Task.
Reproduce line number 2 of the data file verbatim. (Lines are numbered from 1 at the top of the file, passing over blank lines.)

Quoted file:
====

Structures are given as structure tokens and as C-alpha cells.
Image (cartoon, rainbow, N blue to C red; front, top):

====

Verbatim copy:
Image (cartoon, rainbow, N blue to C red; front, top):